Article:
Cranial Biometrics of the Iberian Myotis myotis/Myotis blythii Complex: New Data for Studying the Fossil Record

  • Julia Galán
  • Carmen Núñez-Lahuerta
  • Víctor Sauqué
  • Gloria Cuenca-Bescós
  • Juan Manuel López-García
Original Paper


The Myotis myotis/M. blythii species complex, spread across the Western Palearctic, is a problematic group for which the taxonomy of the species is not yet satisfactorily resolved. The Iberian Peninsula played a key role in its evolutionary history as a Pleistocene refuge and as the starting point for the eastward expansion of M. myotis in the early Holocene, while M. blythii reached the Iberian Peninsula only during the middle Holocene. The study of Iberian populations and particularly of the Iberian fossil record is of high interest in this regard. However, there are few data available on the biometry of the skulls and teeth of Iberian populations (which differ somewhat in size from those of other regions of Europe and Asia) or tools for the identification of fragmentary cranial remains. Much of the Quaternary Iberian record of large Myotis remains unassigned. Here, we contribute to the task of determining fragmentary cranial remains by providing new cranial and dental biometric data from extant Iberian populations, predictive models for isolated upper molar identification, and a set of indices that allow quantitative evaluation of the differences in anatomical traits (in skull and molars) between the two species.


Sibling species Large mouse-eared bats Iberian Peninsula Classic morphometry 



We are very grateful to the curators of the Collection of the Estación Biológica de Doñana (EBD-CSIC) and the specialists in Chiroptera C. Ibáñez and J. Juste. We would like to acknowledge our colleague J. Esteve for his advice on data processing during the first stages of the study, and E. Ángel for his help with statistics. R. Glasgow corrected the English of the manuscript. The two anonymous referees have greatly improved the quality of the work with their comments. The projects MICICINN CGL2012-38434-C03-01, CGL2012-38434-C03-03, CGL2012-38358, CGL2015-65387-C3-2-P (MINECO/FEDER), and the institutions Junta de Castilla y León, Fundación Atapuerca and Grupos Consolidados del Gobierno de Aragón made this work possible. J. Galán and C. Núñez-Lahuerta are recipients of PhD grants from the Diputación General de Aragón (DGA), co-financed by the European Social Fund (FSE) of the European Union.

Supplementary material

10914_2018_9427_MOESM1_ESM.docx (28 kb)
List of specimens analyzed. MCNZ: Museo de Ciencias Naturales de Zaragoza; MCNM: Museo de Ciencias Naturales de Madrid; EDB-CSIC: Estación Biológica de Doñana-Consejo Superior de Investigaciones Científicas; N-Sp: Northern Spain; S-Sp: Southern Spain; C-Sp: Central Spain; Med-Sp: Mediterranean Spain; M: male; F: female. (DOCX 28 kb)


  1. Afonso E, Goydadin A-C, Giraudoux P, Farny G (2017) Investigating hybridization between the two sibling bat species Myotis myotis and M. blythii from guano in a natural mixed maternity colony. PLoS One 12(2):e0170534Google Scholar
  2. Arlettaz R (1995) Ecology of the sibling species Myotis myotis and Myotis blythii. Dissertation, University of LausanneGoogle Scholar
  3. Arlettaz R (1996) Feeding behaviour and foraging strategy of free-living mouse-eared bats, Myotis myotis and Myotis blythii. Anim Behav 51(1):1–11Google Scholar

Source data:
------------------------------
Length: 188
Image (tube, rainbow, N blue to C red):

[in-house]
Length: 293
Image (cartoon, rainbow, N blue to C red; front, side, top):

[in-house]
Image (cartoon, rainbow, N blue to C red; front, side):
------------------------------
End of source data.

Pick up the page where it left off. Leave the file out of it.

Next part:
4. Arlettaz R (1999) Habitat selection as a major resource partitioning mechanism between the two sympatric sibling bat species Myotis myotis and Myotis blythii. J Anim Ecol 68(3):460–471Google Scholar
  5. Arlettaz R, Ruedi M, Ibáñez C, Palmeirim J, Hausser J (1997) A new perspective on the zoogeography of the sibling mouse-eared bat species Myotis myotis and Myotis blythii: morphological, genetical and ecological evidence. J Zool 242(1):45–62Google Scholar
  6. Bachanek J, Postawa T (2010) Morphological evidence for hybridization in the sister species Myotis myotis and Myotis oxygnathus (Chiroptera: Vespertilionidae) in the Carpathian Basin. Acta Chiropterol 12(2):439–448Google Scholar
  7. Benda P (1996) To the suitability of some cranial criteria for the determination of mouse-eared bats (Myotis myotis and Myotis blythii). Lynx 27:5–12Google Scholar
  8. Benda P, Horáček I (1995a) Biometrics of Myotis myotis and Myotis blythi. Myotis 32(33):45–55Google Scholar
  9. Benda P, Horáček I (1995b) Geographic variation in three species of Myotis (Mammalia: Chiroptera) in south of the western Palearctics. Acta Soc Zool Bohem 59(1–2):17–39Google Scholar
  10. Berthier P, Excoffier L, Ruedi M (2006) Recurrent replacement of mtDNA and cryptic hybridization between two sibling bat species Myotis myotis and Myotis blythii. Proc R Soc Lond B Biol Sci 273(1605):3101–3123Google Scholar
  11. Bogan MA, Setzer HW, Findley JS, Wilson DE (1978) Phenetics of Myotis blythii in Morocco. In: Proceedings of the Fourth International Bat Research Conference, Nairobi, pp. 217–230Google Scholar
  12. Bogdanowicz W, Van Den Bussche RA, Gajewska M, Postawa T, Harutyunyan M (2009) Ancient and contemporary DNA sheds light on the history of mouse-eared bats in Europe and the Caucasus. Acta Chiropterol 11(2):289–305Google Scholar
  13. Castella V, Ruedi M, Excoffier L, Ibáñez C, Arlettaz R, Hausser J (2000) Is the Gibraltar Strait a barrier to gene flow for the bat Myotis myotis (Chiroptera: Vespertilionidae)? Mol Ecol 9(11):1761–1772Google Scholar
  14. Corbet GB (1978) The mammals of the Palaearctic region: a taxonomic review. British Museum (Natural History), LondonGoogle Scholar
  15. Cuenca-Bescós G, Straus LG, García-Pimienta JC, Morales MG, López-García JM (2010) Late Quaternary small mammal turnover in the Cantabrian region: the extinction of Pliomys lenki (Rodentia, Mammalia). Quaternary Internatl 212(2):129–136Google Scholar
  16. Dempster AP, Laird NM, Rubin DB (1977) Maximum likelihood from incomplete data via the EM algorithm. J Roy Stat Soc Ser B (Meth) 39(1):1–38Google Scholar
  17. Dietz C, von Helversen O, Nill D (2009) L’encyclopédie des chauves-souris d’Europe et d’Afrique du Nord: biologie, caractéristiques, protection. Delachaux et Niestlé, ParisGoogle Scholar
  18. Dupuis I (1986) Les Chiropteres du Quaternaire en France. Mémoire de Maîtrise de l’Université de Paris I, ParisGoogle Scholar